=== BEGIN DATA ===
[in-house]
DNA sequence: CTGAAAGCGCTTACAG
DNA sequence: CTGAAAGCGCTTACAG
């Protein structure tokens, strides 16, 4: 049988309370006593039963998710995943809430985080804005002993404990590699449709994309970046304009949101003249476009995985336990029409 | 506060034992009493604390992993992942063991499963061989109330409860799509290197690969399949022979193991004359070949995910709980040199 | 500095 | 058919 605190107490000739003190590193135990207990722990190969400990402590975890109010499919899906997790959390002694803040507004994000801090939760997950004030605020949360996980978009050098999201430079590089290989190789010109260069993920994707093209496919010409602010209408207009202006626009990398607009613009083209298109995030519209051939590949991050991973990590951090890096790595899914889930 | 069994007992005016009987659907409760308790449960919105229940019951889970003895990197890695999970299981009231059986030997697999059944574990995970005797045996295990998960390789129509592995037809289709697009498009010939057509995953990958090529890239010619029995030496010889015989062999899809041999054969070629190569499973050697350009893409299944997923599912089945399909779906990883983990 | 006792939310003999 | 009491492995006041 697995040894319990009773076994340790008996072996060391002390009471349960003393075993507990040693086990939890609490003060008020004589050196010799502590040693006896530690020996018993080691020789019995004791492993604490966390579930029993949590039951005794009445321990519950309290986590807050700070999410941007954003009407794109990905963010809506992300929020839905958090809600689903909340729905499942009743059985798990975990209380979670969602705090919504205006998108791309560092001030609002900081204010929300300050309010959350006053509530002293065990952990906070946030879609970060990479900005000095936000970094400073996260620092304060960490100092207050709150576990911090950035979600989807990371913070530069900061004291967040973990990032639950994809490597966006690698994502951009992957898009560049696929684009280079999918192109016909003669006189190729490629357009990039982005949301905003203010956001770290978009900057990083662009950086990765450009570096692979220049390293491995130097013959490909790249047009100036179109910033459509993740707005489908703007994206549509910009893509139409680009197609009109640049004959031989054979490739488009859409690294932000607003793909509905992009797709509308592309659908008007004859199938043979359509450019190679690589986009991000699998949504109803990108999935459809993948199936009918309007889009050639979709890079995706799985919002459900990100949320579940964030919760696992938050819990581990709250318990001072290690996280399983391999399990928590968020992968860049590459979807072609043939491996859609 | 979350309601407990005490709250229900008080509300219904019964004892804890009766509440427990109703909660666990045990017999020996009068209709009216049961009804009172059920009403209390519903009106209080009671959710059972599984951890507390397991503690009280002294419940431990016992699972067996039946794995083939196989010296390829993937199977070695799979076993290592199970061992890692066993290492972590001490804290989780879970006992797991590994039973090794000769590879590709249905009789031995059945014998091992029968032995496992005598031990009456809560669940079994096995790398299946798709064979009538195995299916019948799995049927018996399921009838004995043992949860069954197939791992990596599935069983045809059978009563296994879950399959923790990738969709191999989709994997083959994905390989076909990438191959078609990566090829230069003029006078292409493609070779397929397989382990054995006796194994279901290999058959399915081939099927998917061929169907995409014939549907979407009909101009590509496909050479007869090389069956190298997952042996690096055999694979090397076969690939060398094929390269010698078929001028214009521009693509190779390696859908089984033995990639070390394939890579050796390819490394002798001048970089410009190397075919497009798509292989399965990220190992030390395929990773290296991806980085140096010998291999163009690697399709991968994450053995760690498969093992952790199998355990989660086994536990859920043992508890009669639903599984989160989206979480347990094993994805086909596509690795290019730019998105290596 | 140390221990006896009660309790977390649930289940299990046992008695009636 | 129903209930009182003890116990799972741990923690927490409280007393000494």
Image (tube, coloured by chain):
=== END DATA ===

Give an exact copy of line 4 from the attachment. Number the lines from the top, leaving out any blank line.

């Protein structure tokens, strides 16, 4: 049988309370006593039963998710995943809430985080804005002993404990590699449709994309970046304009949101003249476009995985336990029409 | 506060034992009493604390992993992942063991499963061989109330409860799509290197690969399949022979193991004359070949995910709980040199 | 500095 | 058919 605190107490000739003190590193135990207990722990190969400990402590975890109010499919899906997790959390002694803040507004994000801090939760997950004030605020949360996980978009050098999201430079590089290989190789010109260069993920994707093209496919010409602010209408207009202006626009990398607009613009083209298109995030519209051939590949991050991973990590951090890096790595899914889930 | 069994007992005016009987659907409760308790449960919105229940019951889970003895990197890695999970299981009231059986030997697999059944574990995970005797045996295990998960390789129509592995037809289709697009498009010939057509995953990958090529890239010619029995030496010889015989062999899809041999054969070629190569499973050697350009893409299944997923599912089945399909779906990883983990 | 006792939310003999 | 009491492995006041 697995040894319990009773076994340790008996072996060391002390009471349960003393075993507990040693086990939890609490003060008020004589050196010799502590040693006896530690020996018993080691020789019995004791492993604490966390579930029993949590039951005794009445321990519950309290986590807050700070999410941007954003009407794109990905963010809506992300929020839905958090809600689903909340729905499942009743059985798990975990209380979670969602705090919504205006998108791309560092001030609002900081204010929300300050309010959350006053509530002293065990952990906070946030879609970060990479900005000095936000970094400073996260620092304060960490100092207050709150576990911090950035979600989807990371913070530069900061004291967040973990990032639950994809490597966006690698994502951009992957898009560049696929684009280079999918192109016909003669006189190729490629357009990039982005949301905003203010956001770290978009900057990083662009950086990765450009570096692979220049390293491995130097013959490909790249047009100036179109910033459509993740707005489908703007994206549509910009893509139409680009197609009109640049004959031989054979490739488009859409690294932000607003793909509905992009797709509308592309659908008007004859199938043979359509450019190679690589986009991000699998949504109803990108999935459809993948199936009918309007889009050639979709890079995706799985919002459900990100949320579940964030919760696992938050819990581990709250318990001072290690996280399983391999399990928590968020992968860049590459979807072609043939491996859609 | 979350309601407990005490709250229900008080509300219904019964004892804890009766509440427990109703909660666990045990017999020996009068209709009216049961009804009172059920009403209390519903009106209080009671959710059972599984951890507390397991503690009280002294419940431990016992699972067996039946794995083939196989010296390829993937199977070695799979076993290592199970061992890692066993290492972590001490804290989780879970006992797991590994039973090794000769590879590709249905009789031995059945014998091992029968032995496992005598031990009456809560669940079994096995790398299946798709064979009538195995299916019948799995049927018996399921009838004995043992949860069954197939791992990596599935069983045809059978009563296994879950399959923790990738969709191999989709994997083959994905390989076909990438191959078609990566090829230069003029006078292409493609070779397929397989382990054995006796194994279901290999058959399915081939099927998917061929169907995409014939549907979407009909101009590509496909050479007869090389069956190298997952042996690096055999694979090397076969690939060398094929390269010698078929001028214009521009693509190779390696859908089984033995990639070390394939890579050796390819490394002798001048970089410009190397075919497009798509292989399965990220190992030390395929990773290296991806980085140096010998291999163009690697399709991968994450053995760690498969093992952790199998355990989660086994536990859920043992508890009669639903599984989160989206979480347990094993994805086909596509690795290019730019998105290596 | 140390221990006896009660309790977390649930289940299990046992008695009636 | 129903209930009182003890116990799972741990923690927490409280007393000494």